Politics

FACT CHECK: Do Federal Charges In The Kate Steinle Case Count As Double Jeopardy?

In response to an announcement by the Department of Justice (DOJ) that it may bring new charges against the man recently acquitted of murder in the Kate Steinle case, many people on Twitter suggested that new DOJ charges would count as double jeopardy, and therefore be unconstitutional.

Verdict: False

Double jeopardy, or being tried for the same offense twice, is prohibited by the U.S. Constitution. However, the “dual sovereignty” doctrine allows the federal government to charge a person for an offense that violates federal law, even if the individual was already charged by a state or local government. Additionally, the DOJ could bring charges for different crimes, which would not count as double jeopardy.

Fact Check:

A California jury found Jose Ines Garcia Zarate not guilty Thursday on charges of murder, involuntary manslaughter and assault with a deadly weapon in the death of Steinle, but convicted him of being a felon in possession of a firearm.

The Fifth Amendment to the U.S. Constitution protects Zarate from double jeopardy, saying no person shall “be subject for the same offense to be twice put in jeopardy of life or limb.” But the dual sovereignty doctrine allows different government jurisdictions to bring similar charges relating to the same event.

“It’s not double jeopardy to be tried by ‘another sovereign,'” Susan Bloch, a constitutional law professor at Georgetown University, told The Daily Caller News Foundation.

This means that the federal government, a different “sovereign” than the state of California, could bring charges against Zarate without it counting as double jeopardy.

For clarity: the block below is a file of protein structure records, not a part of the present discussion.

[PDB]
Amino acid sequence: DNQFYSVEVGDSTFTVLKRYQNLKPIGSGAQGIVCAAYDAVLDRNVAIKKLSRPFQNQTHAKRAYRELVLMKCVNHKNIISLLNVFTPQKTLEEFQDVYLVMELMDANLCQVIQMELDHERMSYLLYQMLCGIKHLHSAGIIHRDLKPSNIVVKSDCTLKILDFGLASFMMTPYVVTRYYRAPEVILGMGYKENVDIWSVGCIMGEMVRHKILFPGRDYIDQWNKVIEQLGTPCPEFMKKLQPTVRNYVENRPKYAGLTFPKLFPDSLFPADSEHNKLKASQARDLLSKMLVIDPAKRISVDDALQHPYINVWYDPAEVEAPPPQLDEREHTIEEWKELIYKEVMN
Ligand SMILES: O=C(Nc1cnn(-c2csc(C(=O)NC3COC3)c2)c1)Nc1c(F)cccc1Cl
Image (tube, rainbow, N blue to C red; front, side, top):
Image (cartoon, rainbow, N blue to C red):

Bloch said “it’s pretty clear” that any DOJ charges brought against Zarate would not be considered double jeopardy.

The DOJ does have guidelines against prosecuting an individual who has already faced a state court system, but there are many exemptions, including disregard for evidence or the law.

Furthermore, any DOJ charges against Zarate, an illegal immigrant who had been deported from the U.S. five times before Steinle’s death, could be different than those he faced in California.

DOJ spokeswoman Sarah Isgur Flores said on Fox News that new possible charges could relate to felony re-entry, violating supervised release or other issues regarding Zarate’s immigration status. These different charges would not constitute double jeopardy.

The dual sovereignty doctrine has been widely criticized by legal scholars who say it violates the original intent of the Fifth Amendment’s double jeopardy clause.

“The dual-sovereignty exception, by allowing two governments to do together what neither could do alone, undermines the fundamental protection of individual liberty that both the Double Jeopardy Clause and our federalist structure were supposed to provide,” reads an amicus brief from scholars at the Cato Institute and Constitutional Accountability Center.

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